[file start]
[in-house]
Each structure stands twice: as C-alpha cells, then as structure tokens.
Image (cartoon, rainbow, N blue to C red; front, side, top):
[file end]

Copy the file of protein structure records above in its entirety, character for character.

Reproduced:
[in-house]
Each structure stands twice: as C-alpha cells, then as structure tokens.
Image (cartoon, rainbow, N blue to C red; front, side, top):